Rally against police brutality calls for accountability and transparency from law enforcement

Local News

WEST VALLEY CITY (News4Utah) – Community members are demanding accountability and transparency from law enforcement at a rally Thursday evening in front of the West Valley City Police station. Organizers from Utah Against Police Brutality (UAPB) said the rally was prompted by three cases in the past month where they feel like police used excessive force.

The first case happened on February 24 when Tevin and Maryssa Evans went home after their baby died from respiratory problems at the hospital. They said two West Valley City police officers entered their home without a warrant and assaulted two male family members during what WVCPD chief said was a “routine investigation for unattended deaths.”

“Officer Christian is shown on video as enraged to point of being almost non-verbal, after being refused an interview and house access to a non-suspect, and reacted violently. His behavior was not merely unbecoming of an officer, but literally the exact opposite of acceptable policing,” said Jacob Jensen with UAPB.

On March 13, a federal agent shot and killed 31-year-old Bryan Liles in a parking lot near a Sandy TRAX station. Investigators said an agent with the Alcohol Tobacco Firearms and Explosives was tracking an individual to serve a federal arrest warrant. They said, “based on some actions of the suspect, shots were fired by officers attempting to serve the warrant.”

Rally organizers said officers shot the wrong person.

“Liles would be alive today if the officer didn’t continue to pursue him, even after they discovered that he was clearly not person named in their warrant. Despite this, the agents engaged his prior to knowing if he had a criminal history,” said Jacob Jensen with UAPB. “Liles’ father said he was told his son was unarmed but that the agents thought his movements in the car could have been interpreted as searching for a gun. It isn’t acceptable to shoot someone based on ‘a hunch’ that someone might have a gun.”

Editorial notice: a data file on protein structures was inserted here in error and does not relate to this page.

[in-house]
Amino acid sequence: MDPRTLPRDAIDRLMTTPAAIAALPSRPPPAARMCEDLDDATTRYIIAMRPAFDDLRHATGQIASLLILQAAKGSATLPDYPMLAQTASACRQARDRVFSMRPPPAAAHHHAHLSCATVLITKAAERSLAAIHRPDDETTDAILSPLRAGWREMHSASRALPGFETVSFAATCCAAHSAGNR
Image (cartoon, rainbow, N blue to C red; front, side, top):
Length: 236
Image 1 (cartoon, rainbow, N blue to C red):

A week later later on March 20, an unarmed teenager was shot by a Granite School District resource officer. Police said the officer was patrolling the area and saw a car with multiple teens inside. They said the officer smelled marijuana coming from the car, but as he approached them, the driver stepped on the gas.

“The vehicle attempted to run him over and at one point, he was on the vehicle,” said Ben Horsley with Granite School District.

Investigators said the officer was thrown from the vehicle, but when they were unable to specify when he fired the shot that hit the driver and sent them to the hospital in serious condition.

“The scant details or footage around an unarmed teen by a Granite School District officer is a disturbing sign either a cover-up, or a deep mistrust of the community. All we have been told is that the officer was hit by a car, and then shot the driver from mere feet away. What seems clear, without any additional information, is that officer preferred put himself and the other persons in car at a further risk by escalation, rather than to roll off the hood the car and call for back-up for a suspect that was trying to flee,” said a spokesperson with UAPB.

In a press release, the Utah Against Police Brutality group said the rally calls for:

  • The firing of West Valley City police officers Ben Christensen and George Martinez, who “illegally entered and assaulted the members bereaved members of the Evans family, whose infant died hours earlier, and be stripped of their certification to practice law-enforcement in Utah”
  • That all the footage during the killing of Bryan Keith Liles at the Historic Sandy Trax station by the hands of ATF agents be made public. Also, until the time of that release, that Keith Squires, head of Utah Department of Public Safety, “request that these specific killer federal agents be forbidden to practice law enforcement anywhere in the state of Utah.”
  • The release of all footage in the shooting of an unarmed teen by the Granite School District officer by Hunter High School, in addition to his termination for the “additional reckless endangerment of witnesses, himself, and the unnecessary shooting of a suspect.”

“It hasn’t felt like the police have been protecting and serving for a long time. Now we have these three other incidents…there are not here to protect and serve. They are there to protect themselves and each other and it’s not okay. I don’t know what to tell my 4-year-old daughter about the police,” said Deborah Blake with UAPB.

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